Consider the business of life-inssurance companies. They pledge to pay a stream of cash to policyholders, often for decades. This promise can be likened to issuing a bond. Insurance firms need to back up these promises. To do so they buy safe assets, such as government bonds.
The trouble is that the maturities on these bonds are shorter than the promises the insurers have made. In the jargon, there is a “duration mismatch”.
When bond yields fall, say because of central-bank purchases, the cost of the promises made by insurance companies goes up. The prices of their assets go up as well, but the liability side of the scales is generally weightier (see chart 4). And it gets heavier as interest rates fall. That creates a perverse effect. As bond prices rise (and yields fall), it increases the thirst for bonds. Low rates beget low rates.
If a growing bulge of middle-aged workers is behind the secular decline in real interest rates, then the downward pressure ought to attenuate as those workers move into retirement. Japan is further along this road than other rich countries. Yet its long-term real interest rates are firmly negative.
A concern is that as more people retire, and save less, there will be fewer buyers for government bonds, of which less than 10% are held outside Japan. Another of the Geneva Report’s authors, Takatoshi Ito of Columbia University, reckons there will be a sharp rise in Japanese bond yields within the next decade. There may be political pressure on the Bank of Japan to keep buying bonds to prevent this.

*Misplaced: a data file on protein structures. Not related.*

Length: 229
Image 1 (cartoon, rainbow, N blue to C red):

Swedish FinTech Klarna Partners with SAP on Whirlwind Three-Month Business Overhaul, (PR Newswire), Rated: A
SAP announced today that Klarna, has become the first customer to go live with smart accounting for financial instruments (smart AFI), a new functionality based on the SAP® Bank Analyzer set of applications, 9.0 release. In just three months SAP implemented the solution including accounting rules configuration, data integration and a full setup of the SAP HANA® database environment, proving that up-leveling market and product growth does not have to be a long and arduous process.
Global expansion almost doubles losses at fintech unicorn and peer-to-peer lender Funding Circle, (City A.M.), Rated: AAA